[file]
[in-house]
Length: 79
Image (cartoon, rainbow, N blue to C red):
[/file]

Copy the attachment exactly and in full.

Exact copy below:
[in-house]
Length: 79
Image (cartoon, rainbow, N blue to C red):